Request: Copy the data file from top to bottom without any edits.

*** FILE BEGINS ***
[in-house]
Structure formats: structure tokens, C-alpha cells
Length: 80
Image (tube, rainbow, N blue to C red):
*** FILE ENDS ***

[in-house]
Structure formats: structure tokens, C-alpha cells
Length: 80
Image (tube, rainbow, N blue to C red):